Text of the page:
Scorn Looks Gross and Great, But It’s The Sounds That Really Haunt Me


In 2016, Ebb Software’s horror adventure game Scorn made its way onto the scene. Its beginnings can be found on the crowdfunding site Kickstarter, where over 5600 backers pledged €192,487 (200,523.91 U.S. Dollars) and obtained various levels of perks. Tier 1 rewards included a set of high-definition wallpapers, your name in the credits, demo access, and a copy of the game on PC. People who backed its highest tier received a limited edition USB flash drive, figurine, a vinyl version of its soundtrack, and more.


Then in 2020, Ebb Software partnered with Microsoft, taking the PC-exclusive game and making it multiplatform with an Xbox Series X release scheduled for October. When asked why they decided to partner with Microsoft, Game Director Ljubomir Peklar told Game Reactor, “It’s very simple. Good performance of the game is important to us. Xbox Series X is very capable hardware that enables parity with the PC version of the game.”

When I first saw the game’s H.R. Giger-inspired world, I was very intrigued by how it looked. A bloody nightmarish hellscape that looks like it could use a Danny Tanner-style deep cleaning. A big part of the appeal outside of the game’s gross yet gorgeous setting is its sound design.

Its sound design really does a great job of making movements around certain areas give you the feeling of abandonment. The echoes of falling to the floor send off sounds that unleashed my fear of enemies hearing it, and come looking for a hunt. Pulling levers and reloading weapons fill the stale air and exit the speakers of the soundbar in my living room with the sounds of biomechanical flesh. I immediately recoiled a little just typing that last sentence.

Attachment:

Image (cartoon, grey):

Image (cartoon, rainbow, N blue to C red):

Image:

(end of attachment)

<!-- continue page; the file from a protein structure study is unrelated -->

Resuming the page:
When you take part of a gun off and put it back on, it sounds as if bones are being broken. There is no sound of metal on metal as you reload your weapon, just the squelch of placing teeth (which are used as bullets) into a gum-like chamber. Creatures and enemies sound like they are in constant agony; there is no joy in the world of Scorn, only the feeling of being alone in a labyrinth of torture.

It’s a very creepy tone, wearing its inspiration from H.R. Giger on its rotting sleeve. The only thing that sounds relatively normal is when you fire a gun, when you can really hear its power; it gives you a very, very, brief sense of normalcy within the world.

Per its official gameplay trailer, the world of Scorn is an industrial civilization that has been ravaged by continued decay. There is no dialogue – its story is driven by the sounds of its world. I actually like this concept because instead of dialogue trees and monologue-filled cutscenes, Ebb Software just wants you to focus on its aesthetics and in true horror fashion let the eerie sounds guide you and your path. Listening to the decaying sounds of a dying world is key in seeing just how things and devices work. Just have a listen to this two-minute clip of ‘The Sounds of Scorn’ to get a feel of what you’re in for.

While its world is decaying, it is important to have a really strong sound design. Elevators are not just elevators, and objects are not just objects, they for the most part have a pulse and are living things.

While not a whole lot about its story has been revealed I really do admire the feeling of being in the wild and trying to just survive and navigate the areas around you. The game appears to just drop you into its world of ew and disgust and says “Ok have fun,” and you are left feeling like a kid watching the family car drive off without you with hours of terror-filled gameplay lurking behind you. I am very excited for this game to finally be released, and I really do appreciate the team behind it taking their time to craft something disgusting yet potentially wonderful. Will this game be good? I hope so, if anything as a fan of horror in general it will be very nice to look at and spend time in.

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